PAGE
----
Over the past year (five Internet years), we have seen regular messages about the ‘hacking’ of BIOSes. Due to which all that we can trump up for information security, is nullified through this lowest thinkable level form of unknown, unlocked backdoors.
After a week or so, usually the news value drops and we hear very little. Mainly by this being such a deep, deep into technology issue; a showcase of a class break — it’s hardly worthwhile to think about solutions. The perpetrators, usually considered to be agencies of powers-that-be of Western, Eastern or anything in between origin, are seen to mainly fight each other and we can only be mangled in between can’t we? The one taints the BIOS on the chips that the other installs, the other does the same the other way around. And, how long ago isn’t it that you yourself were babbling in de BIOS with some assembler or even lower-level code ..?
However, and this is similar to laws against crypto (as e.g., here), those with bad intent may use the backdoors just as the good guys (the above, that work their a’s off for your privacy, right?) might. And don’t we all want to remain at least a little in control ..?
Hence the question: What would be roadblocks against a solution of ‘isolation’ of a possibly tainted BIOS ..? I’m thinking here of some form of inverse, upside-down sandbox. That isolates and screens all messaging from and to the BIOS and filters all malicious, unauthorized stuff out.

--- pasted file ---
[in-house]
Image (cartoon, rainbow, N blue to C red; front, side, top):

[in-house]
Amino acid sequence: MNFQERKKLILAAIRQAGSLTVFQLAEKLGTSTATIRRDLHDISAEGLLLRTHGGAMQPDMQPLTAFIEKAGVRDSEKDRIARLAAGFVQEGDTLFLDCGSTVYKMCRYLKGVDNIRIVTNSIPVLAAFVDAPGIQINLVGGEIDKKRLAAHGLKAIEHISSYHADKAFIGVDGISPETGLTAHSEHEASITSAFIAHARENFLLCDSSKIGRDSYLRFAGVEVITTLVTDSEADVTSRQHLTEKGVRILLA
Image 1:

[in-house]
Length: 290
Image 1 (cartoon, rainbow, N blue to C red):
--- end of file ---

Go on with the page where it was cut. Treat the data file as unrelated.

This calls for clear and complete rules about what is generally good and normal, and what is naughty. We may solve that with checksums, hashes of extensive lists of functionality we would allow. But who calculates these checksums, and how reliable is the baseline when already off-the-dock OEM stuff may contain malware in the BIOSes; who can you trust ..? And all that white listing: Isn’t there a huge context dependency regarding superficially trustable but in effect malicious messages? With a sandbox we put the problem at a somewhat higher, more insightful level. Be it also somewhat ‘higher’ in the architecture which raises the question whether the sandbox is sufficient and isolates completely, all around. And the sandbox has to run on … the chip with (support of the) BIOS…
This creates an arms’ race where the bad guys (unsafe-BIOS-wanters) will try to make the BIOS circumvent or dig through the sandbox, and where the good guys will have to build repairs, patches and new versions to plug ever new the leaks. Looks almost like the information security we all know already.
And here, too, the question is: Who can we trust? The sandbox should be made and maintained by utterly independent experts. Do we know these Lone Wolves well enough, how do we establish the sufficiency of their technical expertise, what are their interests, aren’t they secretly (and I’m thinking double secrets here, too) bribed or coerced to let that one agency in despite it all? And, how do we know the patches we receive, would be reliable? If we can’t trust the most mundane of apps or -store, how can we be sure to not download an infected sandbox?
In short, the simple question of feasibility of a sandbox over the BIOS to keep things safe, ushers in a surge wave of new questions — but those are all questions we already have on other, ‘higher’ levels of security: Are the patches of the applications we have, reliable? What about the antimalware-software we deploy (yeah, bring in the ‘haha’)? The employees and contractors of our Managed Security Provider (we chose, NB, as lowest-cost supplier)?
But also for this reason, my question is: What do I miss; are there principled, logical fallacies here or is it a matter of (tons of) effort that we put in, should be prepared to put in?